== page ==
The regional strategy also calls for establishment of an early warning system through use of satellites images, from GRID-Arendal and other partners, to inform coastal communities and national authorities on when the seaweeds would be washed ashore and their expected volume.
An important element of the strategy is the establishment of an information management system for the Sargassum. Although the meeting did not specify where this system will be housed, it might be feasible for universities and marine institutions in the region to feed data to the Abidjan Convention’s Ad Hoc Science and Technology Committee.
The strategy also calls for research into the biochemistry and physiology of the Sargassum; the establishment of a regional research facility to study the factors contributing to its spread; and a study on the social and economic impacts of the algae. Here, too, many universities and marine institutes in the sub-region could host this regional facility, without need to erect a specialized institution, and report through the Ad Hoc Committee of Science and Technology. The committee’s brief is to provide governments with science-based information and suggest courses of action to deal with the many marine and coastal environmental concerns to the region.
The regional strategy is supported by a broad set of recommendations. Among them is holding annual expert group meetings. At these gatherings experts would build knowledge on the Sargassum, exchange information, and encourage application of best practices in dealing with the algae. Presumably, though, such information sharing and increased knowledge can already be fed into the information management system and to a Science and Technology Committee, thereby sharing expertise amongst affected countries.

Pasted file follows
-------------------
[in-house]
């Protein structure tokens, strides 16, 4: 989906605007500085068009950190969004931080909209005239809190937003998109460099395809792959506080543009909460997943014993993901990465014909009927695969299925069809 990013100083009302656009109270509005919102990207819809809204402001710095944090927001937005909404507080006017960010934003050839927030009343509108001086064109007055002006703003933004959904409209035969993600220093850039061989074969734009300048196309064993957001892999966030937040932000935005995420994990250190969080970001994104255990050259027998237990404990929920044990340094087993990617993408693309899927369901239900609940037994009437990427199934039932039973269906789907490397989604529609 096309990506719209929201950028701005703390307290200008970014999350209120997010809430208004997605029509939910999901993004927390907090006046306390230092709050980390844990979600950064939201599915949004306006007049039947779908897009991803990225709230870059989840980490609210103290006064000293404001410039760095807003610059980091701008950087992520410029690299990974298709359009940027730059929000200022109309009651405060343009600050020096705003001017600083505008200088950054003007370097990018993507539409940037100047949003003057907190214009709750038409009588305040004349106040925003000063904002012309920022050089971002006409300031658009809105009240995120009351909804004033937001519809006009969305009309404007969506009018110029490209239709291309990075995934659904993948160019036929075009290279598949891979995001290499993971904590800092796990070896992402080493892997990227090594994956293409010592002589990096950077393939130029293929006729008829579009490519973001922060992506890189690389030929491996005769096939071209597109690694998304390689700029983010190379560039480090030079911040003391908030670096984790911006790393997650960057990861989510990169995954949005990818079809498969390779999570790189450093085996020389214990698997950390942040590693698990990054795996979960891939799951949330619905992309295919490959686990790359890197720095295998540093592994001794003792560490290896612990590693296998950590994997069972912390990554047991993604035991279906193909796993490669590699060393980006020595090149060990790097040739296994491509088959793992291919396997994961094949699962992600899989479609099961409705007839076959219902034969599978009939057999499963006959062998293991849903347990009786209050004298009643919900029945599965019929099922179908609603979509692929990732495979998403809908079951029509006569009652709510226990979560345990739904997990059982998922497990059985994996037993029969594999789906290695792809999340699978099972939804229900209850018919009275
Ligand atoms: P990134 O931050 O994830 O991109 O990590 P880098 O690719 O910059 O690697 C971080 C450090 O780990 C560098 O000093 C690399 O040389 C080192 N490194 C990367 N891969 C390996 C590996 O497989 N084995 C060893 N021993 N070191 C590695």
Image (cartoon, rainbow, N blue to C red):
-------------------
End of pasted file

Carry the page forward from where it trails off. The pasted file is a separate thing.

Each of the affected countries have been encouraged to obtain at least one seaweed clearing machine. This would clean up the beaches and collect the weed efficiently and make it easier to be transported to sites for conversion into useful commodities. It is this aspect in which the private sector is being encouraged to invest in the value addition process.
The causes for the unusual bloom in Sargassum are not known. However, the suspicion is that warming of ocean temperatures; increased levels of sewerage and marine litter discharge; increased maritime traffic and oil drilling activity may all be contributing or causal factors.
Holding together all interventions in solving West Africa’s Sargassum problem needs regional coordination. The Abidjan Convention provides that platform given it is the only existing political, legal and institutional regional framework for the Oceans that bring together the Atlantic coast countries of West, Central and Southern Africa. Therefore, the experts’ recommendation that an additional protocol of the Abidjan Convention be accorded on the Sargassum seems the logical next major step forward to ensure the operationalisation of a common regional strategy in the collection and management of seaweeds in West Africa. “We shall unlock the economic potential of Africa’s coast,” Bamba said at the close of the meeting.